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You Can’t Do Advertising Without First Doing Marketing, Here’s Why

Online advertising has the potential to bring your website instant traffic.

It’s a tempting proposition. And it’s almost always the wrong thing to do.

Time after time, small and mid-sized businesses put down money, turn on their ads … and find they’ve gotten less than nothing. They don’t see any improvement in calls or sales, plus they have to pay added overhead as people check out their website, only to click away.

Here’s the thing: Advertising can work.

But it can’t work outside of a comprehensive marketing strategy.

The crucial mistake so many entrepreneurs make with online advertising is assuming that because their offerings are posted and ready to go, they’re ready to capture and convert the visitors they get with ads.

In almost all cases, though, this simply doesn’t work. And if the first $100 in paid traffic doesn’t convert into real business value, neither will the next $1,000. Instead, you need to go back to the fundamentals.

Those fundamentals are found in marketing.

Advertising Is the Top of the Pyramid – Here’s What Comes First

For almost all businesses – there’s an occasional exception in retail – advertising is the last piece of your strategy that comes into play. It’s at the very top of the pyramid. That means, individually, it’s the smallest piece, but in context, it’s supported by everything that came before.

You can’t fly to the top of the pyramid. Without those supporting elements, you don’t even have a structure: just a pointy rock sitting out in the middle of the desert. That’s a waste of time, of course.

What other aspects need to be in place?

1. Branding

Branding is what makes your communications distinctive and memorable. It’s how people know they’re hearing from you, even before they start to read the words on a page or listen to the content of a video.

Key elements of your brand include:

Your customer persona is a written record that centralizes everything you know about the people who buy from you. All marketing content is written for someone, so you need to know your ideal customer inside and out. Then, the other elements are aligned to their preferences.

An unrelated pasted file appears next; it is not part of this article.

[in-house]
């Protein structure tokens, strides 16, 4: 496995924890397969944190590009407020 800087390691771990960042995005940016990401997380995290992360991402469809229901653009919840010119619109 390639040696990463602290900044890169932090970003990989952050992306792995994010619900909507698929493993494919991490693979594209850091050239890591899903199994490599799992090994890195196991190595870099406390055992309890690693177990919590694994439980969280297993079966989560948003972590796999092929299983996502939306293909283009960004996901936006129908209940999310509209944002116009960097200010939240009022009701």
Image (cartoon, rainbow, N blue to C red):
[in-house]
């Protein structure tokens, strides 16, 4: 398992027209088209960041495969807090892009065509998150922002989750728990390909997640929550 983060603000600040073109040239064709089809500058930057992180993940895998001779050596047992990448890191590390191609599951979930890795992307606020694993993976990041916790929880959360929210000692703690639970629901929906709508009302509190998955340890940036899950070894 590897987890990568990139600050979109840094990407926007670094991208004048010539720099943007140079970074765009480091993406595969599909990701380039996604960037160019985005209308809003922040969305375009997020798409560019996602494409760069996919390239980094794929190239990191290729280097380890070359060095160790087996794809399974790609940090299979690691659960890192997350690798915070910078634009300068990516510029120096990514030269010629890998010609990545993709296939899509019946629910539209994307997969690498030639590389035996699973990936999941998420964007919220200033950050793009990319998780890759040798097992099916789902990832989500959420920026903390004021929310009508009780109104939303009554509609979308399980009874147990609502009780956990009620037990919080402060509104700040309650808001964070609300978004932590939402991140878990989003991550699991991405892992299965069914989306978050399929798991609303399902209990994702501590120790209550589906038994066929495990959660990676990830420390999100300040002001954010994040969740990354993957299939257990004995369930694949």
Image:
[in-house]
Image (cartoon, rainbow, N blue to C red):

In the long run, you might have multiple customer personas. For example, similar groups of customers might buy your services for different reasons and need different appeals in their marketing. It all starts with one core customer persona reflecting the ideal customer you want to attract.

Everything else – from the tone you take to your visual “look and feel” – revolves around them. Added all together, it gives your customers the feeling you’re talking directly to them, even before you’ve met them. That’s essential since your email and social media could be addressing thousands of people at once.

2. Marketing Channels

Once you know who your customer is and what they want, you need to dig deeper into how they make decisions. For instance, Facebook was once the hot and popular place to appeal to people in their early twenties. The younger set has since moved on, but customers in their 30s and 40s are flourishing.

Every decision in marketing has trade-offs. To do one thing, you commit time and resources you can’t use for something else. So, it doesn’t make sense for most companies to blast their message across all channels and hope for the best. Instead, you focus on those places where your customers are active.

For most businesses, this will include a targeted handful of social media platforms backed by search engine optimization and ongoing email marketing. Every case is unique, so your mix may be different.

3. Content Production

Content is what you publish on your target channels to attract visits from would-be customers. It also fosters attention from search engines, helping you show up in online searches related to what you do.

An organic strategy based on content costs less and lasts longer than paid advertising alone. In fact, every piece of content has the potential to influence your audience for years to come – as long as it remains useful, informative, and accurate.

Blog writing is the cornerstone of content production, but video storytelling is popular and powerful. Content should be energized with modern graphic design and visuals.

You can’t walk before you can crawl, you can’t run before you can walk, and you can’t profit from an ad before you brand, market, and produce content. But you don’t have to wait another day: With a trusted marketing partner, you can get started right now.

Contact New York Ave to learn more.

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1 Average median salary in Florida for ‘Marketing Director’, based on research by Glassdoor. 2 Retirement calculated at 3% contribution, based on research by nirsonline.org. 3 Health premium average calculated by ranges provided from a 2016 Health Benefits survey. 4 Total employee average calculated at first year and includes the following considerations: $4k onboarding and training, $1k software and subscriptions, and $3.75k outsourcing help. Total agency average based on Florida-located, full-service agency.